I pinpointed the problem, but did little to rectify it.  I guess I could blame life for getting in my way, use my two small children as an excuse for keeping me too busy to reach out of my little world and help others.  But all this time, I haven't felt like that's me...I feel like I have a giving heart, and I feel very, very strongly that I want my children to have giving hearts...and to put them to use.

It's one thing to think about all the nice things you're going to do for people.  It's another thing entirely to actually do them.

I am done making excuses and I am tired of being "too busy" to help others.

A few days ago, I was reading a post by Diana over at Hormonal Imbalances about an organization called Operation Christmas Child, and I thought, "YES!  That is what we are going to to do this year!"

Basically, you pick an age/gender of a child and fill a shoebox full of Christmas goodies.  I thought to myself, "This is the PERFECT thing to do with Jack," as he's got a lot of room for improvement in the "giving skills" department.

So, today (and here's where this post is going to take a turn for the lighthearted, which is how I intended it to be in the first place until I got all dark and serious) I sat down next to Jack on the couch as he lounged on his back watching Mickey Mouse Clubhouse and said the words every three-year-old wants to hear.  "Christmas will be here soon!"

He popped up and his eyes brightened and he gasped in excitement (and for the record, he totally knows that Christmas is coming...he's just like me and gets really excited about it).  "And you know what that means," I continued.  "It means...{big suspenseful pause}...presents!"

"YAAAY!"  was the response.

"But you know what's sad?" I asked.  "Some kids Mommy's and Daddy's don't have any money to buy presents for their kids, so they don't get anything at all for Christmas."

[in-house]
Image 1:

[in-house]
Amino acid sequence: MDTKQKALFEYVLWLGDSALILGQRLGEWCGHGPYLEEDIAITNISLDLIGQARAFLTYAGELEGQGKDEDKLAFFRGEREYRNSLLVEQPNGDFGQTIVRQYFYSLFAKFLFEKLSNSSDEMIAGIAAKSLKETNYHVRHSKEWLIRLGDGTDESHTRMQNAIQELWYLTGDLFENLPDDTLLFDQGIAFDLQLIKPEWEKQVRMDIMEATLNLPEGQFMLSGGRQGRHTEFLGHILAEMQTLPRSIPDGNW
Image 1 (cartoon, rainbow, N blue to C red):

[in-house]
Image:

Jack, ever the realist, said, "Yes they do, Santa can bring them presents!"

So, not wanting to go down that road, I just said, "Well, I'm talking about presents from their Mommy's and Daddy's.  Every year, Daddy and Mommy buy you a lot of presents for Christmas.  Some kids don't have any presents.  Or clean shirts to wear.  Or shoes.  So, this year, I'm going to take some of our money and we are going to buy some presents for kids who don't have any toys."

The response was immediate and fierce.  "NOOOOOOO!!!!  I'm not buying toys for kids with my money!  NOT! EVERRRR!"

:::SIGH:::

After convincing Jack that his presents would not be affected by this (and also a short lesson in gratitude, but there's only so much you can teach a three-year-old about being grateful, which I learned later that afternoon when I told Jack to stop acting ungrateful about something and his response was, "I am grateful!  Just kind of grateful."), I got him on board.  In fact, after the initial resistance, he was so excited about it that he was picking out some of his own toys (old, little-used ones, to be honest) and insisting that we give them to babies without mommies and daddies of their own (the whole talk about kids not having toys went down a long, question-laden road that included discussions on orphans, foster care, bad guys with guns and even clean drinking water...sometimes OMG.HE.WEARS.ME.OUT with all the questions, but sometimes I'm amazed at his perceptiveness and thought processes).